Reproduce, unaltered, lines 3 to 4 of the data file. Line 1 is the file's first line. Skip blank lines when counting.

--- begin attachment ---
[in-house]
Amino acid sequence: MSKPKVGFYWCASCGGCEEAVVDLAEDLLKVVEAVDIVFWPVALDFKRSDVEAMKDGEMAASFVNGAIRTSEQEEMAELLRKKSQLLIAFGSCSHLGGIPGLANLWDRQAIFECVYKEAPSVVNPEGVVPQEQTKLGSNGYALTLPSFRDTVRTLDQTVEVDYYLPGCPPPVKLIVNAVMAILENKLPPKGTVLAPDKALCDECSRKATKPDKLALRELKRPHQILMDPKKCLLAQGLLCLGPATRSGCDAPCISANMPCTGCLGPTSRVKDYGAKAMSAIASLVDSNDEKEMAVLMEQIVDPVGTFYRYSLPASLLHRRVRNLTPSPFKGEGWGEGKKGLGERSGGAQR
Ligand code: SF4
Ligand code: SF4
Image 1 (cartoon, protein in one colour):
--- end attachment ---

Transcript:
Ligand code: SF4
Ligand code: SF4